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Epsom salt looks like any other table salt — but don’t sprinkle it on your fries. It tastes nasty. An Epsom salt bath might chill you out and soothe your aches at the end of a long day.

This article gives you a sprinkling of Epsom salt baths’ benefits — from your muscles, to your joints to your stress levels. The bath is drawn — time to soak!

Why do people use Epsom salt baths?

The jury’s still out on how effective they are. But Epsom enthusiasts claim that soaking in an Epsom salt bath can:

Is there any evidence supporting these claims? Not really. If it feels good and won’t hurt, give it a go!

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Epsom salt, or magnesium sulphate, is a popular muscle-soothing remedy for marathon bathers and runners alike. It’s a chemical compound made up of magnesium, sulfur, and oxygen.

The supposed benefits of Epsom salts may come from their magnesium content.

Several studies on small groups of people have been unable to prove whether skin can absorb magnesium when taking a bath or when applying it in the form of a cream or lotion.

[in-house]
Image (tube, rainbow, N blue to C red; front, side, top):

And even if that’s possible, it’s not clear whether absorbing magnesium through your skin is better for you than taking supplements. After all the science, it might just be a nice bath. What’s wrong with that?

Some researches still debate the efficacy of Epsom salt baths. But if you just want to chillax and add some minerals to your soak in the process, what’s to lose? Here’s how to get your salty bath just right.

How much Epsom salt do you use for a bath?

There’s no amount of Epsom salt that’s going to make a difference to your magnesium levels. According to a research review, if it’s even possible to absorb magnesium through your skin, your body won’t absorb anywhere near enough to bump up your magnesium content.